Lead story published in 10th May edition of the Waterford News & Star
DESPITE decades of protests, the people of Waterford and the South East are further away than ever from receiving acceptable levels of cardiac care. Information received by Independent TD Matt Shanahan has shown that in the 134 times that a cardiac patient has been transferred from UHW to Cork University Hospital (when Waterford’s cath lab was closed) between January 2019 and March 2022, not even one was completed within the ‘golden 90 minutes’ – that is the 80-90 minutes after a heart attack when the heart muscles begin to die after they stop receiving blood.
‘Data shows, in the starkest possible way, that cardiac transfers from University Hospital Waterford to Cork University Hospital are not occurring fast enough’
Additionally, in February of this year, Oireachtas members met with the South South-West Hospital Group and were told that the much sought after extended hours of cardiac service at University Hospital Waterford would commence in March. As of May 10, there is still no sign of any expanded cardiac services.
Data released from the National Ambulance Service shows, in the starkest possible way, that cardiac transfers from University Hospital Waterford to Cork University Hospital are not occurring fast enough to provide the best possible chance of survival. The data records the time that the emergency call was made, the time that the patient was handed over to UHW and the time of the clinical handover to CUH. Shockingly, the average time from the 134 separate cardiac emergencies, from call to arrival in Cork, was 3 hours and 14 minutes, with the average length of transport time from Waterford to Cork being 2 hours and 15 minutes. The longest end to end emergency was a staggering 7 hours and 16 minutes, with the longest transport time recorded at 4 hours and 57 minutes.
The recently released ‘Irish Heart Attack Audit National Report’ has stated that treatment for major heart attacks should be delivered within 120 minutes of the first medical contact for the patient. The quickest turnaround of a patient in UHW – outside of 9-5 cardiac hours – between 2019 and 2022 was 1 hour 52 minutes, which happened in June 2019. That was the only time a patient was ever dealt with within the nationally recommended time frame. Every other occasion was between was between 2 and a half, and four hours. On 53 occasions, a patient turnover took more than three hours, on 15 occasions it took more than four hours, and on five occasions it took more than an incredible five hours. Six and seven hour turnovers were also recorded by the ambulance service.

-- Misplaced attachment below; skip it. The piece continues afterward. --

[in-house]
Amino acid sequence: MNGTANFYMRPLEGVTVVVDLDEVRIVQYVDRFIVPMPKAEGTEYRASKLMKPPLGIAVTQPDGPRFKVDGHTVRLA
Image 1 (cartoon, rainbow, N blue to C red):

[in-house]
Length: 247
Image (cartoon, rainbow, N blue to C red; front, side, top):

The figures were obtained by Independent TD Matt Shanahan via parliamentary question. Deputy Shanahan told the Waterford News & Star that “very little has improved” in the past two years in terms of cath lab access and timely intervention for heart attack patients in the south east region.
“While government hides the full cost of the national Children’s Hospital from public scrutiny and is openly discussing a capital cost in excess of €1 billion for a new maternity hospital on the grounds of Saint Vincent’s hospital, (which is the first of at least two maternity hospital builds to be proposed in the capital), the issue of life saving care being augmented for south east cardiac patients at UHW is still not being advanced,” Deputy Shanahan said. “Minister Donnelly gave promises recently to me and other south east regional TDs to consider a new capital funding plan for University Hospital Waterford based on a new UK health consultants report that is due to be given to the minister. Despite being told at that recent meeting by South South-West Hospital Group management that that report was ‘almost completed and would be with the minister within days’, the minister has told me in the past week ‘he has seen no sign of this report nor does he have any understanding as to when it is to be delivered to him’! The persistent foot dragging of senior south west group hospital management in Cork in relation to UHW improved resourcing as far as I can see continues unimpeded by this government or by Department of Health management.”